Posts tagged ‘Joy’

Growing Homes and Envious Hearts

Not long before our second child was born, my wife and I decided that it was time to upsize the square footage of our home.  Kids, it turns out, come with lots of stuff.  Our first home was a testament to that.  Closets and corners were packed with everything from diapers to clothes to lots and lots of toys.  We wanted enough room to spread out and stretch out a bit.  So, we put our home on the market and moved into a new, larger home, which, as you probably have already guessed, now has closets and corners packed with even more kids’ stuff.  No matter how much space you have, you always seem to find stuff to fill it.

The move toward larger homes is a decades-old trend.  Joe Pinsker, in an article published last week for The Atlantic, writes:

American homes are a lot bigger than they used to be.  In 1973, when the Census Bureau started tracking home sizes, the median size of a newly built house was just over 1,500 square feet; that figure reached nearly 2,500 square feet in 2015.

This rise, combined with a drop in the average number of people per household, has translated to a whole lot more room for homeowners and their families: By one estimate, each newly built house had an average of 507 square feet per resident in 1973, and nearly twice that – 971 square feet – four decades later.

But according to a recent paper, Americans aren’t getting any happier with their ever bigger homes.  “Despite a major upscaling of single-family houses since 1980,” writes Clément Bellet, a postdoctoral fellow at the European business school INSEAD, “house satisfaction has remained steady in American suburbs.”

Larger homes, Mr. Pinsker reports, are not making for happier families.  Why?  It’s not because we don’t like the extra space.  I certainly appreciate the space in my home – and so do others.  It turns out that our happiness has very little to do with the amount of space we have in our own homes.  Instead, it has to do with the amount of space our neighbors have in their homes:

The largest houses seem to be the ones that all the other homeowners base their expectations on … Bellet sketches out an unfulfilling cycle of one-upmanship, in which the owners of the biggest homes are most satisfied if their home remains among the biggest, and those who rank right below them grow less satisfied as their dwelling looks ever more measly by comparison.

In other words, we’re satisfied with what we have until we see what somebody else has.  In this way, our dissatisfaction with our homes isn’t really a home problem.  It’s a heart problem.  It’s a struggle with envy.

Envy is a sin that’s virtually as old as, well, dirt.  When Adam is first fashioned out of dirt, it is envy that brings him down when Satan tempts he and his wife with the specter that they can “be like God” (Genesis 3:5).  “Instead of being created from dust by God,” Satan says, “you can be sovereigns with glory like God’s.  Why live in a Garden when you can reign from heaven?  I’m pretty sure heaven has more square footage.  Wouldn’t that be nice?”  Satan hooks Adam and Eve by appealing to their envy.  And so, in envy, they try to stage a coup against God.  But instead of becoming more like God in majesty, they become mere mortals who die.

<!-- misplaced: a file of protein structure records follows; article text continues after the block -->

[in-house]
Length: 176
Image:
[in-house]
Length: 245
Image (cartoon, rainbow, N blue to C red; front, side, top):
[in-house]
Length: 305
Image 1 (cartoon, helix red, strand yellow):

In the Ninth Commandment, God commands: “You shall not covet your neighbor’s house” (Exodus 20:17).  The desire for something that someone else has – including the very specific desire for someone else’s home – is nothing new.  But it’s also nothing helpful.  Which is why God warns against it.

As Mr. Pinsker notes in the conclusion of his article, there are good reasons to be satisfied with where you live, even if where you live feels a little small at times:

“The big house represents the atomizing of the American family,” a historian of landscape development told NPR for a story on gargantuan American homes back in 2006.  “Each person not only has his or her own television – each person has his or her own bathroom … This way, the family members rarely have to interact.”  It’s comfortable, in a way, but maybe also lonely.

Square footage that is gained may translate into closeness that is lost.  So, tonight, make sure you give your spouse and your kids a hug that last a little longer than usual – no matter how big or small your home is.  After all, your foundation, frame, walls, windows, doors, and drywall don’t really make your home.  They do.

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June 17, 2019 at 5:15 am 1 comment

Blessed Are Those Who Mourn

Easter MorningThe women on that first Easter went to the tomb to mourn.  They went to mourn the loss of their friend.  They went to mourn the loss of, for one of the women, a family member.  They went to mourn the loss of hope.  Of course, when they arrived the tomb, they got something they had never bargained for.  They were greeted by a glorious being with an unlikely message: “Do not be afraid, for I know that you are looking for Jesus, who was crucified. He is not here; He has risen, just as He said” (Matthew 28:5-6).

It was on Easter morning that these women, to use the words of the prophet Jeremiah, had their “mourning [turned] into gladness” and received “comfort and joy instead of sorrow” (Jeremiah 31:13).

Mourning may not be pleasant, but it is needed.  In many ways, I would argue that we don’t mourn enough.  At funerals, rather than addressing the reality of death, people will often try to dull the pain of a loss by casting the service in terms of a celebration of the person who has died.  A eulogist will say something like, “This person wouldn’t have wanted us to be sad!”  Mourning, which is nothing other than the natural and inescapable response to something as heinous as death, is dismissed, downplayed, and depressed in favor of a skin-deep smile.

To make matters worse, when we are not mourning something as intense as the loss of a loved one, we can wind up jettisoning mourning altogether. We not only try to moderate our mourning, we can replace our mourning with something different entirely.

There is plenty that should command our mournfulness.  Greed, corruption, malfeasance, and general godlessness should pain us all.  Sadly, rather than mourning these things, we often trade mourning for grumbling.  This seems especially true in the political arena.  We grumble about health care.  We grumble about immigration.  We grumble about political constituencies that are not our political constituencies.  But replacing mourning with grumbling is dangerous.